Sczcz.....our young Polish keeper continues to impress Brentford fans in the Bees 11 game unbeaten run (lord knows we could do with lad making the first team grade pronto, if he's a less timid personality than any of our three other incumbents and it's only checking for the spelling of his name on the AFC web site that I've discovered he must be a determined lad, having come back from breaking both arms in a training ground accident in 2008) and with centre-back Kyle Bartley at Sheff Utd, Jay Simpson at QPR, Henri Lansbury at Watford, Gilles Sunu at Derby and Gavin Hoyte at Brighton, surely some of these nine players who kicked such serious butt in the FA Youth Cup last season, have got to come into contention at some stage?
Meanwhile it's more than a little ironic that it's an aging old pro like Sol Campbell who's the only player to come out of the last few matches with any credit, showing the sort of stamina and determination that a few more of our squad might learn from, as he almost single-handedly flies the Gooner flag of commitment. With prospective members of Capello's World Cup squad going down like ninepins, there's even some suggestion that Sol could be an outside bet for forcing himself into contention?
But then as someone who claims such complete disinterest in salacious gossip, I suppose it's more than a little hypocritical of me to suggest that the England camp might be more than a little distracted by their efforts to keep Fabio's latest captain off the front pages of the Red Top rags with the rumours of Steven Gerrard's latest off-field exploits?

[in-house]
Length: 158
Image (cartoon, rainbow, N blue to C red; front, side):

Having lingered in contention for the Premiership marathon, until hitting the wall in recent weeks and having reached a Champions League quarterfinal despite the sort of significant injuries which left us without a recognised front man for so long, ultimately I guess the Gunners have over-achieved this season, compared to what was expected of us. And yet there's little satisfaction to be gained from this, when by and large we've been allowed to do so, courtesy of the inconsistencies of others, rather than us having earned the right as a result of playing entertaining football. Since by Arsène's high standards, we've hardly enjoyed a surfeit of beautiful football this season.
Nuff of my downhearted deliberations
I honestly can’t recall the last time the Gunners were involved in an end of season encounter, where Spurs fans were hoping for us to do them a favour. We’ve grown accustomed to this particular shoe being on the other foot, with the Lilywhites season invariably long since over as we enter the league’s last few furlongs. Many has been the occasion when we’ve endured watching our remaining hopes of silverware ebb away, on the back of a positively heartless end of season Spurs performance, where they’ve failed to even ruffle the feathers of one of our Premiership rivals. Thus the knowledge that my Spurs pals were experiencing the sour taste of just such a disappointment was about the only consolation to Saturday’s tedious goalless draw with Man City.